We seated ourselves to the sound of screaming goats, bleating out the “Heys!”, “Yeahs!”, and other long-drawn notes from popular songs and music videos. Dream Theatre, in Pilsen, chose to open the house to their play anthology “WOMEN! A Comedy” graciously early. They also chose to project above their stage these and other leavings from YouTube: exploding Disney princesses, parodies of nineties women’s exercise tapes, snatches of beauty pageants that ached for intervention from the Department of Child Services. Dream was obviously priming the crowd and the crowd shamelessly smirked at the girl failblogs—the aggregations of humiliating stumbles, slips, and slides—safe in the thought that it was all intended to ready them for louder laughs.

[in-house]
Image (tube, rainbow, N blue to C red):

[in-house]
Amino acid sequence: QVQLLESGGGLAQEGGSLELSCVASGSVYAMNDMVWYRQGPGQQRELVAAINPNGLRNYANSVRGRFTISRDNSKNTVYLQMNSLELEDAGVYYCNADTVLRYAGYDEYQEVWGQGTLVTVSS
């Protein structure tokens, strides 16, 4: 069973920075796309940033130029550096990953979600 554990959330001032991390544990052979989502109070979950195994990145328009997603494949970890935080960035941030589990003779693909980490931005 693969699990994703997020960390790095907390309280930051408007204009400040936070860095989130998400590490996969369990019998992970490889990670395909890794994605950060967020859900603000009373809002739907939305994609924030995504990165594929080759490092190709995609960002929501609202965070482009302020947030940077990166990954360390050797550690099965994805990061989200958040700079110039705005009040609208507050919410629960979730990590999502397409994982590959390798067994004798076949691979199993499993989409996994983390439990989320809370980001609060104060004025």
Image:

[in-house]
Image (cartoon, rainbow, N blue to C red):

Written by Jeremy Menekseoglu, played by fourteen actresses and one actor, “WOMEN!” seemed poised to make a good time of spoofing the stereotypes suggested by the preshow screenings. Each of the seven, short plays luridly caricaturized their principal participants. Like the screaming livestock mocking well-loved tunes, each play irreverently down-dressed well-traveled archetypes: insultingly brainless high school beauty queens; a twitchy, obsessive, kohl-eyed redhead; an obnoxiously self-important young mother, to name a few. Like the videos that prologued the night, “WOMEN!” ostensibly encouraged us to read the characters’ cringeworthy awkwardness as social slapstick, to resist the temptation to sink into our seats and instead try to take pleasure in the personaes’ pain.